PricewaterhouseCoopers (PwC) v Saad Investments Company Limited (SICL) and Singularis Holdings Ltd (SHL)involved an application by PwC for the setting aside of orders made by the Supreme Court of Bermuda in favour of the liquidators that required the production of documents relating to SICL and SHL. Included among the grounds on which PwC relied to set aside the order were that:
- The Supreme Court erred by issuing a winding up order in respect of SICL
- The Supreme Court had no jurisdiction at common law to make a production order in the absence of statutory jurisdiction. This was argued in an attempt to have the SHL order set aside
- Foreign liquidators in Bermuda cannot be granted powers broader than those possessed in their home jurisdiction. This was relevant to whether the liquidators could have access to PwC's audit working papers.
The Court was split 2-1 in favour of the liquidators.
On the first ground, PwC contended that the Court of Appeal's previous decision in PwC Bermuda v Kingate Global Fund Ltd (Ct of Appl)  Bda LR 32, which held that a winding-up order cannot be impeached in the context of an application made under it, was distinguishable on two grounds. First, that SICL was not a company that the relevant legislation applied to. The Court rejected this contention due to the complexity of argument from both sides which meant that SICL did not fall within the "patent irregularity" exception. Secondly, PwC alleged they were a stranger to the liquidation. The Court rejected this argument owing to PwC's status as the company's auditor.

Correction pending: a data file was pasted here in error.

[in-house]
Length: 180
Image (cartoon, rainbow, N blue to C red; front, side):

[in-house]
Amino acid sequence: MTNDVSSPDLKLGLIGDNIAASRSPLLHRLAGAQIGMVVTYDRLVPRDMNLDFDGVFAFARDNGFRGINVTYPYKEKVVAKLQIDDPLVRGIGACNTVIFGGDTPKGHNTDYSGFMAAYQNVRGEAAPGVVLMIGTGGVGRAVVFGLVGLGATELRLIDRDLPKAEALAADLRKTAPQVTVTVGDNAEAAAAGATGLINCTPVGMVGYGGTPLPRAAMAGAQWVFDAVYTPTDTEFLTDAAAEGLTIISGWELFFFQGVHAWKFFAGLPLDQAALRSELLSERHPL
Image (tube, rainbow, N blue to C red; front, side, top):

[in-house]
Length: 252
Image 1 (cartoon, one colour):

PwC then argued that there is no inherent jurisdiction of the Court to make production orders in circumstances that do not fall within the terms of the relevant legislation. The Court accepted this argument on the basis that there is no binding authority to afford judicial assistance to a foreign liquidator outside the terms of the statute and therefore allowed the appeal against the SHL order.
On the third ground, PwC alleged that a balancing exercise must be conducted prior to a production order being issued. Moreover, that the joint liquidators had not demonstrated a need for any non-company documents. The Court rejected this argument, holding that all documents (including PwC's working papers) were both necessary and relevant to the affairs of SICL and SHL.
Justice Auld dissented and found in favour of PwC on the question of production of the documents.
It is understood that leave to appeal to the Privy Council will be sought.
See Court decision here.